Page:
Rhetorical Analysis Of The Declaration Of Independence

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Americans have an ideal and a dream for liberty, though they are often reminded by the British parliament that such liberty was out of reach. From time to time, it was not only the British who undermined their precious liberty, but also their fellow colonists. Therefore, the founding fathers of United States wrote an article to convey and reinforce the ideals of American liberty to their fellow people and the British parliament. The declaration of Independence successfully conveyed the concept of liberty because the article appealed to its audiences by using logical and emotions reasoning, represented the ideal understanding of liberty by introducing it to the public, and stood up for the injustices that the British have set upon them by addressing …show more content…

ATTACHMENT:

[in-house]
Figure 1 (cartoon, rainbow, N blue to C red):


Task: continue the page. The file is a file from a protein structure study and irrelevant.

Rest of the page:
The founding fathers incorporated the appeal to pathos of the Americans by stating: “He (The British) has plundered our seas, ravaged our Coasts, burnt our towns, and destroyed the lives of our people.” (US, 1776) The declaration linked the unacceptable behaviors of the British to the American’s daily life, giving the reason that one who destroys our life and interrupt our lifestyles are not to be followed and worshipped. Using the appeal to pathos, the American congress conveyed liberty as the right not to be interrupted and to be respected. The article also utilized anaphora, or repetition in the main body paragraphs that brought more attention to their reasoning. Not only the Declaration of Independence worked to appealed the Americans, but also the British King and his parliament. Using the appeal to ethos, the Americans gave a logical explanation explaining their concept of liberty to all the its audiences. In the declaration, it is written: “A decent respect to the opinions of mankind requires that they should declare the causes which impel them to the separation.” (US, 1776) The founding fathers equalized the American concept of liberty to a decent respect to the opinions of mankind, which then points to the British that they are not respecting the colonists’ decisions and rights. Using logical appeals, the Americans included a fair reason to break away from the British and to declare

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